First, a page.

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Study tips for watching videos

Studying a video, such as recorded lectures, is more demanding than watching videos for entertainment purposes. Simply watching an educational video usually does not give the desired result; you have to study it actively. Here we have listed tips on how to effectively study videos.

A person with headphones on, looking at a laptop while looking focused

Get an overview of the course

Begin your studies by reading the course syllabus and course memo. Has your teacher published an introductory video that gives you an overview of the content? Watch that first.

Get in the habit of always reading the syllabus. You will understand the purpose of a video easier if you get an early overview of the course and its goals, what is expected of you, and how the material is intended to be used.

Once you've got a grip on your syllabus and set some milestones for yourself, the content of the course's videos becomes more accessible.

Sift through all the surrounding material before you start studying the video. Think through what you did last time in the course and how it is connected to the syllabus. You don't have to have all the answers – the most important thing is that you have given it some thought.

Pause and break down the content of the video

A video gives you the advantage of processing the content in peace and quiet and then bringing your questions to your teacher. Pause, stop, and reflect on the content. It is good to note keywords and later repeat what you noted of the content, preferably out loud to yourself.

An example is if the video uses a mathematical equation followed by calculation examples. Pause after the video explains the equation and write down what all the parts represent and if there is something unclear. Continue watching the video and pause again after the calculation example is introduced. Now try solving the calculation yourself before looking at the video's solution. Compare your solution with the one in the video whether or not you managed to solve the example. Remember to write down questions along the way.

Interact with the material and get involved

Once your teacher has posted a video, it can be easy to get caught up in the idea that "the material is there, so I don't have to watch it now". When studying a video, it is a common trap that video is seen as a "free result", unlike course literature, which is rarely taken for granted. It is more common to familiarize yourself with the book first, read the table of contents and the back cover, and then take on what you consider to be essential parts.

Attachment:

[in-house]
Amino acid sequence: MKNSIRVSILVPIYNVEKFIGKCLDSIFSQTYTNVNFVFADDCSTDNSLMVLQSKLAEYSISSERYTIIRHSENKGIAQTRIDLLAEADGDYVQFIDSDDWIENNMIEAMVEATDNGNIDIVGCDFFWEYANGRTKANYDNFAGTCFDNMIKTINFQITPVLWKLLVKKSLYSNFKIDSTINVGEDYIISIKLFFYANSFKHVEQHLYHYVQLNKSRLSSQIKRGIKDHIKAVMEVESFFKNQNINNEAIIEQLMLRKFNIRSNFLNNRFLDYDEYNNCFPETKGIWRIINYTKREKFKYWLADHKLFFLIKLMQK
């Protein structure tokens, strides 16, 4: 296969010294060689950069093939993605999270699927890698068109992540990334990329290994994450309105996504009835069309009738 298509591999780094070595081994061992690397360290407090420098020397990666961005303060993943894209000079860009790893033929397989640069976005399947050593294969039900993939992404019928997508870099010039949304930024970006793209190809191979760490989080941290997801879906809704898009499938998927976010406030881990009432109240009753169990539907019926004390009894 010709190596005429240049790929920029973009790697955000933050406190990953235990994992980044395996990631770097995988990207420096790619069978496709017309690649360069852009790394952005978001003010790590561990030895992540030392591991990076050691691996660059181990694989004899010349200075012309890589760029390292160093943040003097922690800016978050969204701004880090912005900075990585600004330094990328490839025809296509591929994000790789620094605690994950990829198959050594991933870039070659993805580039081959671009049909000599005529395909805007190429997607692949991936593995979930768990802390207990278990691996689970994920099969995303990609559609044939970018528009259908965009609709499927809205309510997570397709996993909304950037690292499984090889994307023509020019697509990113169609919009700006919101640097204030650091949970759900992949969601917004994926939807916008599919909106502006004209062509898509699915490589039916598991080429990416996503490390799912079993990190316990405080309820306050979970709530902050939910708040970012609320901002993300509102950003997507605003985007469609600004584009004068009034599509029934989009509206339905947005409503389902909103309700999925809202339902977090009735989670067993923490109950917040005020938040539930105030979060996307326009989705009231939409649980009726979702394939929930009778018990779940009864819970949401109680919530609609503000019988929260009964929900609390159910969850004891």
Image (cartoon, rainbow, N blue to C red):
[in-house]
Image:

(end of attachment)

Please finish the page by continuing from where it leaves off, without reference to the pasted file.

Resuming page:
Therefore, view the video as a course book. Familiarize yourself with it in advance. Look at the video description and any summaries or concepts that may or may not occur. Set clear goals about when to study the video and how it might help you. And most importantly: Be active. The more active you are both before watching and in the meantime, the better learning conditions you will have.

Videos on study techniques

Björn Liljeqvist teaches study technology and has recorded a series of videos on study techniques with different themes. For example, you can learn how to read course literature, how to build good study habits and different memory techniques.

Watch videos about study techniques

Repeat and exercise what you've seen and heard in the video

It is not enough to watch a video to learn the content in the same way that it is not enough to see someone else play a song flawlessly to be able to do it yourself. No matter how well you know the theory, you still have to practice on your own to learn properly.

A good method is to take notes while watching the video and then try to explain the content to another person. Feel free to do this in a different environment than where you watched the video, like the next time you meet your fellow students at a lecture. Work in pairs and repeatedly process the content orally for each other.

You don't just study to understand the theory of something. You study to be able to exercise and utilize your knowledge.

Pay attention to surrounding materials, chapters, and time markers

For example, your teacher may have made support questions for you to increase engagement, evaluate your knowledge, and improve your learning. Do not skip these, but try to see the video with the surrounding material as a whole.

Also, connect the video to the material you read before or to nearby lectures. How do they relate to each other? What does your teacher want you to get from the course or module?

Care for your work environment

When entering a lecture hall or classroom, it is usually obvious what norms and rules apply for everyone to be able to concentrate. When studying at home, you need to take responsibility for your workplace. Here are some things to consider, which are perhaps extra useful for online live lectures: 

  • Prepare yourself so that you have the opportunity to participate actively in teaching.
  • Sit or stand comfortably at a table and make sure you have the opportunity to take notes. If you are going to take notes digitally, use two screens if you have the opportunity for it and keep your notes on the other screen.
  • Test your connection well in advance.
  • Make sure it's quiet around you.
  • Feel free to study with a classmate, but ensure an organized discussion about the material. If you are watching a video, pause it together and repeat it to each other.
  • Is there something you didn't understand? Formulate questions to bring to your teacher. They are there for you.

Do you have any questions about study technique?

You can contact your program study counselor if you want help developing your study technique.

Study and career counselling